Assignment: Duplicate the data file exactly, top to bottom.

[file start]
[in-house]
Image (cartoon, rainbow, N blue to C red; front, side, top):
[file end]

[in-house]
Image (cartoon, rainbow, N blue to C red; front, side, top):